Copyright 1999 American Medical Association. All Rights Reserved. Applicable FARS/DFARS Restrictions Apply to Government Use.1999American Medical Association
A new information panel, "Supplement Facts," now required on the labels of dietary supplements as part of implementation of the Dietary Supplement Health and Education Act of 1994, will provide consumers with more complete information. The labeling is also required to provide a complete list of ingredients and a statement of identity using the terms "dietary supplement" or a term identifying the contents of the product, such as "vitamin C supplement" or "herbal supplement."
The "Supplement Facts" panel will provide information such as the quantity of specific nutrients in vitamin and mineral products and the part of the plant used in herbal products. It will be similar in format to the "Nutrition Facts" panel that appears on most processed foods. Specifically, the panel will show (a) the manufacturer's suggested serving size; (b) information on nutrients when they are present in significant levels, such as vitamins A and C, calcium, iron, and sodium, and the percent daily value where a reference has been established—similar to nutrients listed in the "Nutrition Facts" panel on food labels; and (c) all other dietary ingredients present in the product, including botanicals and amino acids, for which no daily value has been established. These "other dietary ingredients" that do not have recommendations for daily consumption are listed beneath a bar and are to be identified as having no recommendations for consumption.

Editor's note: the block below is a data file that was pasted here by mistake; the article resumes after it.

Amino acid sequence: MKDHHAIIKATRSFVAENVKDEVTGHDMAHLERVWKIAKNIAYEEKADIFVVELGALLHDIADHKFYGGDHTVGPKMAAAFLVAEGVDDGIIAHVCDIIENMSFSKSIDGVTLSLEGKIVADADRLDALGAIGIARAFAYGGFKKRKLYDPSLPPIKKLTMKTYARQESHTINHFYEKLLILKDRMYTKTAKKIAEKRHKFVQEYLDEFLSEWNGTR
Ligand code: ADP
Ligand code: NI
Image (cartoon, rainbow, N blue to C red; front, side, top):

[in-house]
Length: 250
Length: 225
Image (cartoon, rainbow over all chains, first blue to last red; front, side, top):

Nightingale SL. Dietary Supplement Labeling More Informative. JAMA. 1999;281(17):1580. doi:10.1001/jama.281.17.1580-JFD90003-3-1